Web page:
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across europe. it was really the untold story of the european parliamentary election. it is not the first time that the cfu would have -- that the cdu would have eaten the lunch, so to speak, of the green party. if you look at voters, particularly in germany, addressing climate change is the top concern, more than the economy or other factors. so that could be very smart politically and economically. guy: the french are certainly paying attention to it as well. let's ask a broader question. global bond market has been in freefall of late. there's fear about what is happening on the trade front. there's fear about what is happening to the global economy. when you look at what is happening politically, do you see anything that could halt the freefall that we are seeing at the moment? yields are collapsing. germany is negative from the
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front to the back of the curve. there's negativity all over the place. what is going to change it from your perch politically? tina: hope always springs internal with traders that you will get another positive sounding tweet from president trump about his friend chinese president xi or something like this. we've looked at the impact of presidential tweets on markets. it is something that is quite new. however, i don't think i have a lot of optimism. in fact, i've been bearish on prospects for u.s./china trade deal all year, and i thing now we are not likely to see a breakthrough this year. it may not come until quite close to the u.s. elections in november 2020. i think markets got way out ahead of the politics on china trade, and haven't appreciated that there's a lot more at stake
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here than buying soybeans from american farmers in the midwest or a handshake and a photo op. vonnie: just another question on germany, it is interesting timing because "the ft" has an editorial today pressuring germany to come up with some fiscal stimulus, saying now is the time. then we have this reuters report that the official german spokesperson rejects. not exactly the report, but rejects that there might have been a decision made. where is this emanating from, and what is the reluctance from germany do not have a balanced budget? if public spending is relatively low compared to other european countries? tina: this is the political culture of germany. you look at the way that the german press portrays language about central-bank action, etc., penalty for savers and things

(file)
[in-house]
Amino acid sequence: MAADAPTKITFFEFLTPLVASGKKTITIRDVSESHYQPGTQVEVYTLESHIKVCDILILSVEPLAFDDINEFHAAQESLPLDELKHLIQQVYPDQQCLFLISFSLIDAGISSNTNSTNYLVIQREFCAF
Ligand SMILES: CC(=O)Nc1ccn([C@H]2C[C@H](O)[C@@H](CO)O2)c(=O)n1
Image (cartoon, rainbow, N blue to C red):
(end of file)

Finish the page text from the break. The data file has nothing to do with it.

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like this. this runs very deep indeed. think this is as much a religion of the changing politics in germany as anything else -- a reflection of the changing politics in germany as anything else. vonnie: then what they allow germany to go into recession? if that is the end game, would anything be done to avoid that, or would german politicians as a whole decide it was ok for that to happen? certainly in the u.s., there is a big effort to not have the u.s. go into a recession. the dynamics are quite different between the two countries on that front. i think you would be hard-pressed to find any politician who would say they are willing to let the country slide into recession. it is a question of the tools they are willing to deploy. but i think one lesson we can go back to from the global financial crisis is that things
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actually have to be quite bad. politicians tend to have to be looking into the best before they are willing to take bold, preemptive action. that's why i think the pressure is going to come from the need deal with the political. for example, increasing military spending, which is even more controversial in germany. guy: it is also one in the eye for the president of the united states. he has pushed back on climate change. tina: he doesn't believe in it. [laughter] guy: to that point, in the past orn we had economic crises things have gotten difficult, we've had cooperation between various countries. the climate crisis is an obvious one. there is a g20 convened here in london. would such a meeting be
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possible with president trump in the white house? tina: i would put it slightly differently and say international cooperation to tackle global crises isn't something that can be revived in the current environment of political fragmentation, of strained relations between the u.s. and europe and other partners. i think the answer is we would have to get to a pretty dire situation, and remember that the last couple of g20 summits, president trump has refused to sign the communiques. then again, he hasn't governed through an economic crisis. guy: is europe on the same page when it comes to the same thing? if the germans are going to spend money, would the italians be able to spend money? i wonder whether europe is together enough at the moment to